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Our Canterbury Gallery

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Choose from 580 pictures in our Our Canterbury Gallery collection for your Wall Art or Photo Gift. Popular choices include Framed Prints, Canvas Prints, Posters and Jigsaw Puzzles. All professionally made for quick delivery.

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Featured Canterbury Print

Illustration and part of the text of Psalm 103, c1000-1050, (1947). Creator: Unknown

Illustration and part of the text of Psalm 103, c1000-1050, (1947). 'Literal Illustration of the Text of Psalm CIII (CIV)'. Manuscript illustration showing God's creations: valleys and mountains, beasts and birds, a man ploughing with oxen, ships and sea beasts, with angels above. Harley 603, f.51v, from the Harley Psalter, made at Christ Church Cathedral Priory in Canterbury during the first half of the 11th century, now in the British Library, London. From "English Hymns and Hymn Writers", by Adam Fox. [Collins, London, 1947]

© The Print Collector/Heritage Images

Featured Canterbury Print

Single Leaf from a Decretum by Gratian: Decorated Initial Q[uidam habens filium obtulit]

Single Leaf from a Decretum by Gratian: Decorated Initial Q[uidam habens filium obtulit] and Quadruple Arcade with Concordance of Greek and Latin Alphabets , c. 1160-1165. This leaf was excised from a copy of the handbook of church law known as the Decretum written by Gratian, an Italian Camaldolese monk active in Bologna from about 1130 to 1140. The focus of the leaf is a large decorated letter Q with spiraling lotus petals introducing the first Causa , or case of law. The text begins, "A man having a son offered him to a very wealthy cloister." This case concerns the definition of simony (making profit from sacred things). The style of the illumination and the script date the leaf to between 1160 and 1165. In November 1164, Thomas Becket, Archbishop of Canterbury, took refuge at Pontigny as a result of his conflict with King Henry II of England. During his stay, Becket immersed himself in the study of church law, as evidenced by his later use of citations from the Decretum . This leaf could have been part of the original manuscript Becket consulted. The volume was later dismembered following the suppression of the monastery during the French Revolution in the late 1700s.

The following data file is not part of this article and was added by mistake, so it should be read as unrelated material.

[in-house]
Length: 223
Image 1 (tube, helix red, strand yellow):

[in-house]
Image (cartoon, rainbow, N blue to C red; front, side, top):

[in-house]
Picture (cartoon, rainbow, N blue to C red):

© Heritage Art/Heritage Images

Featured Canterbury Print

Peter of Poitier's "Compendium Historiae in Genealogia Christi", c. 1220

Peter of Poitier's "Compendium Historiae in Genealogia Christi", c. 1220. This manuscript roll, composed of four membranes formerly stitched together in a continuous roll about nine feet long, has been divided in the middle for easier visibility and study. The text is an abridgment of biblical history focused on the descent of Christ from Adam. It was written by Peter of Poitiers (about 1130-1205), who taught theology and history in Paris and was widely copied. The present roll is an English copy of Peter's text made shortly after his death. Although manuscript rolls were hung on the walls of a classroom as instructional aids to students, some of them have value beyond their textual and historical interest because of the fine quality of their drawings, as seen here. A comparison with Canterbury manuscripts and stained glass of around 1220 is the basis for the attribution to Canterbury. Peter of Poitiers's aim in this project was to assist students prevented from mastering biblical history because of its length and because they were too poor to own books.

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